At the same time, this attention to the recent development of capitalist society meant that Raymond Williams did not transform the appreciation of community life into a mere moral condemnation of the modern world. The socialist Raymond Williams viewed this process with optimism, which he calls “the long revolution”. At this point, he distances himself from Lukács, Adorno and Goldmann, authors who give centrality to the process of reification – a theme far from the concerns of Raymond Williams, who was committed to highlighting the resistance potential of the cultural sphere. And, for this very reason, he never endorsed the problematic Marxian thesis of “ideological decadence” espoused in different ways by those three authors and, also, by Christopher Caudwell.[iv]

Being material, culture is also considered a productive force. This expression in Marx was directed to the economic sphere, to commercial production. But, says Raymond Williams, capitalism does not only produce goods, it also produces schools, prisons, control of the press and other things without which the production of goods cannot take place. With this in mind, Raymond Williams developed an original sociology of culture. Topics such as institutions and formations of cultural production, means of production, processes of social and cultural reproduction, etc. received masterful treatment in the book Culture.[v]

In this sociology of culture, art is not credited with a decisive role in the process of humanization (Lukács) or denial of the alienated world (Adorno). The question of the specificity of artistic production is still suspended, a theme that will later dissolve into the equivalence and relativism proclaimed by postmodern Cultural Studies.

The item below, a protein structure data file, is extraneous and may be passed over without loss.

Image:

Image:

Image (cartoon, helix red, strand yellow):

There is, however, a fundamental issue, relating to political economy, that distances Raymond Williams from Karl Marx. The affirmation of the physical materiality of cultural commodities (books, records, paintings) and the means used in their production (paper, oil, paint), cited to affirm that they are not superstructural, has nothing to do with what for Marx is fundamental: the value category. Before visible physical materiality, what exists for Marx is nature, this first reality, the “material substrate”. And they are not cultural factors that interfere in production from the beginning. Use values, “the bodies of commodities, are nexuses of two elements: natural matter and work”.

Therefore, says Marx, “contrary to the sensitive and raw objectivity of the bodies of commodities, the objectivity of their value does not contain a single atom of natural matter”. The objectivity of value, therefore, is “purely social” and prior to any increase.[vi] The faded presence of nature and work, in Raymond Williams, allowed the replacement of the “natural substrate” by apparent materiality and, also, the overlap of cultural elements to explain the dynamics of the capitalist mode of production. What in Marx was exclusively social gained a cultural guise in this way.